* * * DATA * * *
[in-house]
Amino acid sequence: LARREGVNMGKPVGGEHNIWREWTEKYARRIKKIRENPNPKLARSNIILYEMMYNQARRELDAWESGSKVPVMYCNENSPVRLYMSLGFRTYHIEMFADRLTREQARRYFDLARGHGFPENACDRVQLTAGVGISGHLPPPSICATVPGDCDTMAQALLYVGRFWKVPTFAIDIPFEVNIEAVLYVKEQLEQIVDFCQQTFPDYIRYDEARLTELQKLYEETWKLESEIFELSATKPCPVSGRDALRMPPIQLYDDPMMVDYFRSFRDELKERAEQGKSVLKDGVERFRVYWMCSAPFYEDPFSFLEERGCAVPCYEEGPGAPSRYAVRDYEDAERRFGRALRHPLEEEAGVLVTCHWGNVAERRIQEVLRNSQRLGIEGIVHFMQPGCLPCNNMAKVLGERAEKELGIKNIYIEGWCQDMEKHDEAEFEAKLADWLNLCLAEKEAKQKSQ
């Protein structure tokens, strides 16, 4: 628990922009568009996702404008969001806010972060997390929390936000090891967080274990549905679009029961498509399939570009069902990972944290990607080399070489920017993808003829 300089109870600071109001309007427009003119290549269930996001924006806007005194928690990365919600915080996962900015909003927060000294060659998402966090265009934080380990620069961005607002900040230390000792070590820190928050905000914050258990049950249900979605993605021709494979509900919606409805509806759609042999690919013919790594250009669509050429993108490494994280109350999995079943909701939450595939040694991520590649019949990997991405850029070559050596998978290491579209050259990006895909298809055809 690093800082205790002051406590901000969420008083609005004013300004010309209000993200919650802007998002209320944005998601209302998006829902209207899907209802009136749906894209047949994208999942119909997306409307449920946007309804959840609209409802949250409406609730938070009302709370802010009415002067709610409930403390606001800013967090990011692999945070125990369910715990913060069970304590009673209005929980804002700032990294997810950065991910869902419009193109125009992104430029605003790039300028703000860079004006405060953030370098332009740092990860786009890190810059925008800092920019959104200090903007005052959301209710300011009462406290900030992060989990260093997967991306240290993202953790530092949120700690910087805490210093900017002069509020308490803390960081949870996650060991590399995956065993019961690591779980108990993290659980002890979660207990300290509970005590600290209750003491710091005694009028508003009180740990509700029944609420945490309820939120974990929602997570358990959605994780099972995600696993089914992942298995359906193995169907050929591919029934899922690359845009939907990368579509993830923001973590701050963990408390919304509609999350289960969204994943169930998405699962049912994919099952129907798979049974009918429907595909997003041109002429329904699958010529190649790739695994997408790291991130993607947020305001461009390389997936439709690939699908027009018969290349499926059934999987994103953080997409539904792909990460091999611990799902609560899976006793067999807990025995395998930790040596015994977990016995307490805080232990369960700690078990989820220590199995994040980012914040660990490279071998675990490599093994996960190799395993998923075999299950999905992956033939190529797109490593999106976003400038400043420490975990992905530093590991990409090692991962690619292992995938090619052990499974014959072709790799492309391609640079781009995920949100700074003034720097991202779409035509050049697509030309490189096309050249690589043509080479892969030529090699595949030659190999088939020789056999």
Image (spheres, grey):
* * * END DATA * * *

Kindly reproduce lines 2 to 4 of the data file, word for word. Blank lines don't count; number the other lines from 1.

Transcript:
Amino acid sequence: LARREGVNMGKPVGGEHNIWREWTEKYARRIKKIRENPNPKLARSNIILYEMMYNQARRELDAWESGSKVPVMYCNENSPVRLYMSLGFRTYHIEMFADRLTREQARRYFDLARGHGFPENACDRVQLTAGVGISGHLPPPSICATVPGDCDTMAQALLYVGRFWKVPTFAIDIPFEVNIEAVLYVKEQLEQIVDFCQQTFPDYIRYDEARLTELQKLYEETWKLESEIFELSATKPCPVSGRDALRMPPIQLYDDPMMVDYFRSFRDELKERAEQGKSVLKDGVERFRVYWMCSAPFYEDPFSFLEERGCAVPCYEEGPGAPSRYAVRDYEDAERRFGRALRHPLEEEAGVLVTCHWGNVAERRIQEVLRNSQRLGIEGIVHFMQPGCLPCNNMAKVLGERAEKELGIKNIYIEGWCQDMEKHDEAEFEAKLADWLNLCLAEKEAKQKSQ
């Protein structure tokens, strides 16, 4: 628990922009568009996702404008969001806010972060997390929390936000090891967080274990549905679009029961498509399939570009069902990972944290990607080399070489920017993808003829 300089109870600071109001309007427009003119290549269930996001924006806007005194928690990365919600915080996962900015909003927060000294060659998402966090265009934080380990620069961005607002900040230390000792070590820190928050905000914050258990049950249900979605993605021709494979509900919606409805509806759609042999690919013919790594250009669509050429993108490494994280109350999995079943909701939450595939040694991520590649019949990997991405850029070559050596998978290491579209050259990006895909298809055809 690093800082205790002051406590901000969420008083609005004013300004010309209000993200919650802007998002209320944005998601209302998006829902209207899907209802009136749906894209047949994208999942119909997306409307449920946007309804959840609209409802949250409406609730938070009302709370802010009415002067709610409930403390606001800013967090990011692999945070125990369910715990913060069970304590009673209005929980804002700032990294997810950065991910869902419009193109125009992104430029605003790039300028703000860079004006405060953030370098332009740092990860786009890190810059925008800092920019959104200090903007005052959301209710300011009462406290900030992060989990260093997967991306240290993202953790530092949120700690910087805490210093900017002069509020308490803390960081949870996650060991590399995956065993019961690591779980108990993290659980002890979660207990300290509970005590600290209750003491710091005694009028508003009180740990509700029944609420945490309820939120974990929602997570358990959605994780099972995600696993089914992942298995359906193995169907050929591919029934899922690359845009939907990368579509993830923001973590701050963990408390919304509609999350289960969204994943169930998405699962049912994919099952129907798979049974009918429907595909997003041109002429329904699958010529190649790739695994997408790291991130993607947020305001461009390389997936439709690939699908027009018969290349499926059934999987994103953080997409539904792909990460091999611990799902609560899976006793067999807990025995395998930790040596015994977990016995307490805080232990369960700690078990989820220590199995994040980012914040660990490279071998675990490599093994996960190799395993998923075999299950999905992956033939190529797109490593999106976003400038400043420490975990992905530093590991990409090692991962690619292992995938090619052990499974014959072709790799492309391609640079781009995920949100700074003034720097991202779409035509050049697509030309490189096309050249690589043509080479892969030529090699595949030659190999088939020789056999």
Image (spheres, grey):